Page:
As featured on the SaportaReport

By Guest Columnist MELITA EASTERSexecutive director and founding chair of Georgia’s WIN List

Record numbers of progressive Georgia women candidates, backed by hundreds who have volunteered to support them, are part of a headline-grabbing and magazine-cover-inspiring national wave of newly emboldened activists who plan to qualify for elected office over the coming weeks.

This rising wave of activism is, “More powerful than populism. It’s deeper. It’s primal. It’s elemental. … It’s anti-patriarchy,” according to the highly conservative former White House Chief Strategist Steve Bannon, who also predicts the current atmosphere is a defining cultural moment which “might well undo 10,000 years of recorded history.”

Women are spurred by a deluge of headlines about men at the highest ranks of political, cultural, and business power behaving badly. These headlines stir up long buried or repressed memories about their own encounters with sexual harassment, workplace pay and promotion inequities or domestic violence experiences whether physical, mental or emotional. Other headlines inspire frustration about the issues Congress and state legislatures have failed to address while school shootings increase, “Dreamers” cower in fear and millions wonder what will happen to their health care coverage or long term benefits like Social Security.

While not all harassment incidents reach the level of rape, I do not know any woman who has not been groped or received unwanted advances of a sexual nature by a powerful man in the workplace at some point in her career. All women have friends or family members who bear the often hidden scars of domestic abuse, if not targets themselves. Further, countless smart, savvy women have “power suited” up to out-perform men in the workplace only to be rewarded with smaller paychecks and bonuses while watching less qualified men receive promotions.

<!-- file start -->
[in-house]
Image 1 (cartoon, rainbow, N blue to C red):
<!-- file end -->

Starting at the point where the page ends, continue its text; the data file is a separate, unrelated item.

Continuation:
What women want is not “revenge” so much as their long overdue opportunity to have their voices heard, to wield real power with a seat at the table where long term solutions to the nation’s most pressing problems are crafted.

Hillary Clinton’s 65 million cracks in the glass ceiling and her clear margin of victory in the popular vote were not enough to get her the job. Instead, as president, we have a misogynistic man who is emotionally, ethically and intellectually under-suited to serve as leader of the free world. As evidenced by his latest disapproval rating of 65 percent, many women and men are outraged that our nation’s president has become a global laugh line and our nation’s once high world standing has dropped precipitously.

Recent reports of White House aides ignoring FBI evidence that their colleagues had physically abused wives and girlfriends make women even more ready to clean house. Women are fed up and ready to end the toxic testosterone fueled dysfunction found in the halls of power at the White House, Congress and further down the ballot in state capitols, city halls and county courthouses.

It is not just who holds a particular office. It is the abject failure of those in office, predominately men, to reach across the aisle and work together to craft meaningful public policy solutions which address problems our country faces across a broad range of issues. Mothers and classroom professionals teach young children to get along, play well with others and avoid bullying. Those in power, mainly men, do precisely the opposite.